Retire in 20 years: Here’s how

Starting now and be willing take a large percentage off the top of your salary for the rest of your working life in order to be able to retire very young and live off of the proceeds of your investments and do volunteer work. How many years would you have to work if you saved 20% of your income?

If you were to take 20% of your annual income starting now and put it in a fund following the S&P 500 Index ($INX), that fund continued to grow at the long-term historical rate (12%) and you received a 4% raise each year, you could walk away from your job and live off the interest at age 41 matching your current salary — or quit at 43 and be able to give yourself a 4% “raise” each year from the interest, which is probably the better plan because it combats inflation.

Raise the amount to 25% and you’re done at age 38 and able to live in perpetuity at age 40.

Obviously, some people are going to balk at this and state that it “can’t” be done. The truth is that it can be done if you have the willingness to live below your means and authentically behave as if 20% of your total salary doesn’t exist.

It is challenging, don’t get me wrong. Let’s take the case of someone who makes about $60,000 a year. He brings home a paycheck every month in the amount of $3,200. In order to save 20% of his whole annual salary ($12,000), he would have to be willing to immediately take $1,000 of that take-home paycheck every month, put it straight into an investment and not touch it at all. This takes an amount of financial fortitude and will power that, quite honestly, most Americans don’t have.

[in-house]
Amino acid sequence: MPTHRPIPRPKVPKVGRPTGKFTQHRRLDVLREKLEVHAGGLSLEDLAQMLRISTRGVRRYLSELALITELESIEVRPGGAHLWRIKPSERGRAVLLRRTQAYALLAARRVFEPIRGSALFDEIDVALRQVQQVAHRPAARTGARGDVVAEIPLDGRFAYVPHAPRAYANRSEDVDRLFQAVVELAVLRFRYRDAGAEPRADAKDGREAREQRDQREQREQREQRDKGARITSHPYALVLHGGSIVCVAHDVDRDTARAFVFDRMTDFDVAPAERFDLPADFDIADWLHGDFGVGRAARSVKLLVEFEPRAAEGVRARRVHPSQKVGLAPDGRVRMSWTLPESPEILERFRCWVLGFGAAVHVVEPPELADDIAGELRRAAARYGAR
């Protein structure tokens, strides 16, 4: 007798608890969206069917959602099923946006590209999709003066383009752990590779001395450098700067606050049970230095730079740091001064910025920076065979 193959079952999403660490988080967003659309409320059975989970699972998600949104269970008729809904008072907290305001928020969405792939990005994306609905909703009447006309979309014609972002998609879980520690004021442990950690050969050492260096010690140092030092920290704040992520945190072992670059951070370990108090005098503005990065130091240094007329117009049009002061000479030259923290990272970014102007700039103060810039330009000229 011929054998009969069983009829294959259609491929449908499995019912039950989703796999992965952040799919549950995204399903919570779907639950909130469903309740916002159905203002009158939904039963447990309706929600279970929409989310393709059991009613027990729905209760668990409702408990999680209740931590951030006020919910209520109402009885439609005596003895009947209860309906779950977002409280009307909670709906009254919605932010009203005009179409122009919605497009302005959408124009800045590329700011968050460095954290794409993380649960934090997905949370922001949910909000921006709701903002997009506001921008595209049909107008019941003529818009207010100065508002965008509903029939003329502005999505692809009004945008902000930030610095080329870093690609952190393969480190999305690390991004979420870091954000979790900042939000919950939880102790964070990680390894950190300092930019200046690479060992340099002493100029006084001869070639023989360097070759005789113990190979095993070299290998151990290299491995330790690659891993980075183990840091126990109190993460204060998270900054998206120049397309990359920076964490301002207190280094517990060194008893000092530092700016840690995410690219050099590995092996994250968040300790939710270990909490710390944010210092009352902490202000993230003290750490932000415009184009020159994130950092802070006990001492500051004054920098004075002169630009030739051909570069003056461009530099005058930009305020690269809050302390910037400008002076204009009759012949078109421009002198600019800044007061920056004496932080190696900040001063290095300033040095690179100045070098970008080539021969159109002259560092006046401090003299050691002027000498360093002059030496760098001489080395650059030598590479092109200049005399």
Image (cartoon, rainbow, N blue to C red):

My advice to you if this is truly your goal, then it is achievable, and I offer the following points of advice:

Make that saving automatic. Figure out what exact dollar amount you need to remove from each paycheck to equal 20% of your total salary, then set things up so that amount is withdrawn automatically. Since you’re planning on retiring so young, it will have to be placed into a non-tax-sheltered investment account, which is fine if you invest it right.

Buy and hold. Buy into a very broad-based investment, such as the Vanguard 500 Index Fund (VFINX), and just keep adding money to it and don’t move it around. This will set you up to pay only long-term capital-gains tax when you withdraw it, meaning that your tax time in the future when you start liquidating it to live will actually be quite pleasant (just long-term capital gains tax, if that even exists then).

Learn to appreciate frugal living. With an e-mail like that, I’m already sure that you are more likely to buy a sturdy late-model used car than a new Lexus, but it’s important to state just the same: You can easily save that 20% you’re wanting to save by making good lifestyle choices. You’ll find that if you’ve made the investments automatic, you’ll easily learn to live on whatever is left over.

Good luck, and I hope to hear from you when you’re retired in 20 years.


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